Freedom of the Press
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Press Freedom Score (0 = best, 100 = worst)
Legal Environment(0 = best, 30 = worst)
Political Environment(0 = best, 40 = worst)
Economic Environment(0 = best, 30 = worst)
Freedom of the press is protected under the constitution, and Salvadoran journalists are generally able to report freely. Critical reporting on the government and opposition parties is for the most part permitted. On September 8, 2011, the Legislative Assembly approved amendments to the criminal code to decriminalize slander, libel, and defamation, replacing punishments of jail time with fines and suspensions for journalists who commit crimes against public image and privacy. Limits were also established to prohibit excessive levels of compensation. The law was officially published in December. Draft laws on the right of reply were under consideration by the National Assembly at year’s end.
While press freedom is hindered by a lack of public transparency, the National Assembly ratified the Access to Public Information Law in March. However, Salvadorans will have to wait until 2012 to use the new law to solicit official requests for information.
Although El Salvador is generally a safe place to practice journalism, there are still sporadic threats and acts of violence against journalists, especially in the provinces. In April 2011, Canal 33 cameraman Alfredo Antonio Hurtado Núñez was shot to death by alleged gang members while riding a bus in Ilopango in the department of San Salvador. Hurtado had previously reported on gang violence and had allegedly received threats prior to his death. Two gang members were arrested for his murder in September and awaited trial at year’s end. In a victory against impunity, 11 men were convicted in March for the 2009 murder of Christian Poveda, a Franco-Spanish documentary filmmaker. Poveda had also documented gang violence in El Salvador. Journalists with Radio Victoria, a community radio station in the northern department of Cabañas that has been supporting environmental activists in their opposition to a Canadian company’s local gold-mining operations, continued to receive death threats in 2011.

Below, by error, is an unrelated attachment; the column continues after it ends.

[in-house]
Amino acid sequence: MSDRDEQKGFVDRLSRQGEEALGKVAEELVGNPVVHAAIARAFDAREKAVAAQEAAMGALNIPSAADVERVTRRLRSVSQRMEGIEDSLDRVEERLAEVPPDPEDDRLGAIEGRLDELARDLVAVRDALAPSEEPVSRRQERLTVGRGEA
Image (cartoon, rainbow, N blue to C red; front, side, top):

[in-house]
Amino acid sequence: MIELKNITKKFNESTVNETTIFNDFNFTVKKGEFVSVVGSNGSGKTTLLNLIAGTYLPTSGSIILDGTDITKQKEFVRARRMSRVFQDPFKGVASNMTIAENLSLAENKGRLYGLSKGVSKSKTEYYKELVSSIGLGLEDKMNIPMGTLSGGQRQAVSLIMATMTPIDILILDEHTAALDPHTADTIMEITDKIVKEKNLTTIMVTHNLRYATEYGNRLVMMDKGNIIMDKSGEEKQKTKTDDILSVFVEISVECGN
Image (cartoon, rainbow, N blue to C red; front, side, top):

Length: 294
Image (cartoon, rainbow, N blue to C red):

While there are four daily newspapers, each with an estimated circulation of 250,000, most of the country depends on privately owned television and radio networks for news. In July 2011, President Mauricio Funes announced proposed legal reforms to state media that would increase their autonomy and independence from political influence. Limited resources prevent many media outlets from producing to their full capacity, and self-censorship is often exercised to avoid offending media owners, editors, and government officials. According to the UN special rapporteur for freedom of expression, there is little access to community radio stations due to the bidding method used to grant radio frequencies.
Access to the internet was limited to 18 percent of the population in 2011. There were no reported government restrictions on the internet, and online newspapers such as El Faro provided independent, investigative journalism.